Posts in tech
PAL-V $326k Roadgoing Gyrocopter

Meet George's jet, son...


Is it a bird? Is it a helicopter? Well, the PAL-V is neither really. Nor is it a helicopter. It's a prototype three-wheeled gyrocopter, which offers motorcycle-like road performance, plus two seats, as well as short takeoff and landing capability. Theoretically you could whip yourself up into the wild blue yonder and cruise at 180km/h above the gridlock, with as little as 165 metres of clear road ahead. (You need a little run-up to take off, but less runway to land.)

Key difference between an auto gyro (gyrocopter) and a helicopter? The main rotor isn't powered with an auto gyro. Propulsion comes from a fan/propellor at the rear (neat fold-out jobbie a la Transformers). The main rotor overhead is merely a rotating wing - but like a helicopter it is articulated for directional control purposes.

Additional video below.

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iPod to Car Stereo Solution

Got an old car stereo? Want to play music wirelessly to it from an iPod, iPad or iPhone? Here's the iPod to car stereo solution:

I got an e-mail about this the other day, from a regular 2UE listener. With the average car about 10 years old in Australia, it's a problem.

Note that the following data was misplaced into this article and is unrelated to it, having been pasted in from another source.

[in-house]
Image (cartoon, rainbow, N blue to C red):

If you want to play your music from your iPod, iPad or iPhone in your (older) car stereo, there's a simple solution that will see you playing your music wirelessly to you old car stereo system - without investing in an expensive new car audio system with Bluetooth. All you need is a car stereo modern enough to contain a tunable FM radio receiver and it's a done deal.

We're assuming here that you don't have a car stereo system with Bluetooth audio streaming. We're also assuming the stereo doesn't have an 'aux' input either - because the simplest solution if it does is just put a 3.2mm stereo-to-3.2mm stereo (male) cable from the headphone out jack of the 'i' device and into the 'aux' port in the stereo. Same thing if you have a USB port in the car stereo: just use a cable.

But if you don't have Bluetooth, aux, or USB inputs in your car audio unit, what you need is an

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Driving Blind – in Google’s Robot Prius

Google solves blind driving puzzle - and imagine the implications for drink drivers

Google solves blind driving puzzle with robot Prius

Is Skynet just around the corner? To celebrate 320,000km of safe driving in the USA, the Google Robot Prius has taken blind man Steve Mahan in the so-called driver’s seat from his home to a Morgan Hill, California, Taco Bell for lunch. And - importantly - back. Safely.

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